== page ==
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Figure 5: Shortened proteins are produced by the asp1 mutant and by pMBO1366 transformants. Western blot analysis of asp expression using the antibody Rb3133. (Lane 1) Proteins from 8 wild-type larval brains; (lane 2) proteins from 8 brains of larvae transformed by pMBO1366; (lane 3) proteins from 12 asp1/asp1 larval brains.

Mentions: The resulting serum Rb3133 recognizes one polypeptide of ∼220 kD in immunoblots of third instar larval brains (Fig. 5). To confirm that Rb3133 reacts specifically with the Asp protein, brains from larvae of the transgenic strain 1366 (see Materials and Methods) were used in Western blot analysis (Fig. 5, lane 2). Flies transformed with pMBO1366 are expected to synthesize two forms of the Asp protein: full length protein of 220 kD, derived from the endogenous copy of asp at 96A and a truncated form derived from the transgene. As expected, the serum detects the 220-kD wild-type asp protein plus a 124-kD polypeptide corresponding to the COOH-terminal truncated form of the asp protein encoded by plasmid pMBO1366. When extracts from brains of asp1 homozygous larvae were analyzed (Fig. 5, lane 3), the 220-kD protein is no longer observed, but the serum labels a polypeptide of ∼130 kD. As the polyclonal antibodies were raised against the NH2 terminus of the Asp protein, it seems that the asp1 mutation results in a COOH terminus truncation or in an internal deletion of the Asp protein.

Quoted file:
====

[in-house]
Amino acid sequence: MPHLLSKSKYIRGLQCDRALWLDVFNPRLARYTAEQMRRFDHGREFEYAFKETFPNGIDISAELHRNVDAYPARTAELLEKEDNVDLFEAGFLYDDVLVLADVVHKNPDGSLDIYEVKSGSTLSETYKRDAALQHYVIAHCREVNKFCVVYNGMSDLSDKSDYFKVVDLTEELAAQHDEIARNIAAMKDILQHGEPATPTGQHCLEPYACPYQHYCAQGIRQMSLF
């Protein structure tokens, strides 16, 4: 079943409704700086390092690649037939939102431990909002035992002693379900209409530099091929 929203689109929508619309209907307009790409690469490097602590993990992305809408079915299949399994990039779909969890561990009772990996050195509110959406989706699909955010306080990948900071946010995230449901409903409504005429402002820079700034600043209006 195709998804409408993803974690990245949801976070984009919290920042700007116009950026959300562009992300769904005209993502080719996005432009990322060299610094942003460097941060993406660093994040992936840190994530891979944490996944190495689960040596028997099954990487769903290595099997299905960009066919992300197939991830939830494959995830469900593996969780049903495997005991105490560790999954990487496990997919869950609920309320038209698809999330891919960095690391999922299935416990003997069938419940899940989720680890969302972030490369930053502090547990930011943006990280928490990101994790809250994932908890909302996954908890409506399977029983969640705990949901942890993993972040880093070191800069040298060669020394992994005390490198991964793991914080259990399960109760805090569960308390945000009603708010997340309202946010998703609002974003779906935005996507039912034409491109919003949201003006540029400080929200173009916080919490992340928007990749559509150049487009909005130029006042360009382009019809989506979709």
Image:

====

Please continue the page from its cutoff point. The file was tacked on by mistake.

The Drosophila gene abnormal spindle encodes a novel microtubule-associated protein that associates with the polar regions of the mitotic spindle.

Saunders RD, Avides MC, Howard T, Gonzalez C, Glover DM - J. Cell Biol. (1997)

Shortened proteins are produced by the asp1 mutant  and by pMBO1366 transformants. Western blot analysis of asp  expression using the antibody Rb3133. (Lane 1) Proteins from 8  wild-type larval brains; (lane 2) proteins from 8 brains of larvae  transformed by pMBO1366; (lane 3) proteins from 12 asp1/asp1  larval brains.
© Copyright Policy
Related In: Results  -  Collection

Show All Figures
getmorefigures.php?uid=PMC2139842&req=5

Figure 5: Shortened proteins are produced by the asp1 mutant and by pMBO1366 transformants. Western blot analysis of asp expression using the antibody Rb3133. (Lane 1) Proteins from 8 wild-type larval brains; (lane 2) proteins from 8 brains of larvae transformed by pMBO1366; (lane 3) proteins from 12 asp1/asp1 larval brains.